Just two years ago, Palo Alto's proposed bike bridge over U.S. Highway 101 was a pipe dream, one of the most expensive components of the city's new master plan for bicycle and pedestrian improvements.
Now, with a generous influx of grant funds bringing the $10 million project to the brink of reality, city officials are delving into the details and preparing to open up the design process to a wide spectrum of architects.
On Monday night the City Council voted 7-0, with Mayor Greg Scharff and Councilwoman Karen Holman absent, to hold a design competition for the new bike bridge, which would be located at Adobe Creek and span Highway 101 between south Palo Alto and the Baylands. Once built, the bridge would replace an existing undercrossing that is typically closed for six months every year because of flooding.
The project, which is seen as a critical east-west connection in the city's rapidly evolving bike network, received a jolt of momentum in November, when the Santa Clara County Board of Supervisors approved a $4 million grant for the bridge as part of a broad package of improvements lobbied for by the city and Stanford University. Earlier this month, the city received another $4 million for the bike bridge, this time through the One Bay Area Grant program administered by the Santa Clara Valley Transportation Authority.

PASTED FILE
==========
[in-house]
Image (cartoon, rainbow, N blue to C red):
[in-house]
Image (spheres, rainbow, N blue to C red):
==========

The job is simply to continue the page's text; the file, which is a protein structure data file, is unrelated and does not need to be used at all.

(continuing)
Another $1 million for design work could come from the funds allocated to the city by Stanford University Medical Center as part of a development agreement that allowed Stanford to greatly expand its hospital facilities, according to a new report from the Public Works Department.
The "invited design competition" will be managed in part by the American Institute of Architects (AIA), and staff will work with AIA on design criteria and solicit proposals from about 20 local, regional and national architecture firms. A jury will then select three or four for interviews and invite the finalists to submit designs sometime in early 2014.
Their designs will then be reviewed by the city's Architectural Review Board and Planning and Transportation Commission before the council makes a decision on a design contract in spring 2014.
If all goes according to the plan, construction will begin in fall 2015.
"Given the wide range of bridge options and configurations, the possibility of a bridge design competition provides a venue to vet many designs simultaneously in the least amount of time and funding," the new report states.
Several members of the city's Architectural Review Board expressed enthusiasm for a competition during a February meeting, with board member Randy Popp saying there are "only things to be gained from it and nothing to be lost." His colleague, Lee Lippert, called a competition an "incredibly good idea," and board Chair Clare Malone Prichard encouraged an "inclusive" process for designing the bridge.